Agility: How Agencies Can Benefit From Startups

Startups. They’ve changed how we go about our daily lives, given us droves of mobile apps and games, and forged a new way to do business. Focused on culture and innovation, startups have changed the social norms of how a business should operate and treat its employees. They are nimble and resourceful. They are continually learning to do things better and more efficiently. Most of all, they are agile.

 

This movement towards an agile working process has inspired countless other companies to join the startup revolution. Many advertising, digital, and marketing agencies have all followed suit and begun the shift towards lean and agile.

 

We’re big supporters of the startup mentality and how it has transformed workplaces. We’ve adopted it ourselves and hope to share some tips on turning your internal marketing department into a lean, mean, agile machine.

 

Tip 1: Read “The Lean Startup”

 

This is not optional. If you truly want your team to adopt and adapt to an agile frame of mind, the whole department needs to read this book, cover to cover. Your first thought after a chapter or two might be that the content doesn’t apply to you. It focuses primarily of software and tech. Your company can’t ship a minimum viable product because it’s marketing material going to the public.

 

While this is true, the main takeaway you want from “The Lean Startup” is the processes and state of mind. Performing as an agile department will involve buy-in and cohesive thinking from all members.

 

Tip 2: Start Implementing Lean Strategies

 

There will definitely be an adjustment period, but the sooner you begin implementing lean and agile tactics, the sooner you’ll be functioning on all cylinders.

 

Setup small weekly scrums with a direct purpose. Too much time is wasted in large meetings with too many attendees and no clear direction. These scrums should involve people essential to that project.

 

Tip 3: While You’re At It, Get a Scrum Board

 

Scrum boards are useful in a variety of ways.

 

First they help organize and centralize your scrums. The team has a board to congregate around and focus on. They don’t have their heads buried in their own notebooks.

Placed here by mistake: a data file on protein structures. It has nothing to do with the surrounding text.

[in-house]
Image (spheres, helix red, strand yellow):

They also help visual goals. You can start out by identifying the end goal and placing it on the board. Now that goal is permanently in view every time you meet, which in turn helps your team focus on tasks that are driven to achieve that goal.

 

Overall they are a great way to provide transparency to the whole team. Everyone knows what the goal is. Everyone knows the tasks needed to achieve those goals and everyone know who is responsible for what.

 

Tip 4: Be Data Driven

 

Being data driven does not simply mean that you pull some stats from Google Analytics and throw it into a Powerpoint. The purpose of being data driven is to make strategic decisions based on what the data tells you. Dig into the data and keep asking yourself questions to further yourself down the rabbit hole. Eventually you’ll come out with a very clear answer.

 

Tip 5: Be Ready to Pivot

 

Chances are, not every campaign and marketing effort will be a hit. Use those “failures” as learning exercises. Ask what went wrong. Was it a problem with delivery? Was the audience targeted correctly?

 

Being able to abandon a campaign will be on of the hardest things to do. A lot of time and effort went into making that campaign possible. But is that reason enough to allow a sinking campaign to eat through the remainder of the budget? Cut your losses and figure out what went wrong.

 

Tip 6: Know Your Audience

 

The quickest way to fall flat on your face in marketing, is to ignore the audience. Your can create the most innovative, electrifying campaign, but if it doesn’t resonate with your audience, you’ve failed.

 

Create surveys, develop personas, and get your hands dirty by going out and interviewing your audience first hand. The more detailed and in-depth you can build out a persona, the more likely you are hit a home run.
Overall, the transformation to lean and agile will require your team to continually improve their process. It’ll be a challenge but the benefits will far outweigh any obstacles you’ve had to overcome.